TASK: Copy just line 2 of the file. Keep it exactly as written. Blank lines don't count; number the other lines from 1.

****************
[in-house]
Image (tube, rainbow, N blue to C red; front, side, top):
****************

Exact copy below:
Image (tube, rainbow, N blue to C red; front, side, top):